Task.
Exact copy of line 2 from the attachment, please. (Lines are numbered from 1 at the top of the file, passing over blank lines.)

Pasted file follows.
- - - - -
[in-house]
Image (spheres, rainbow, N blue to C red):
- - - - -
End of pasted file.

Image (spheres, rainbow, N blue to C red):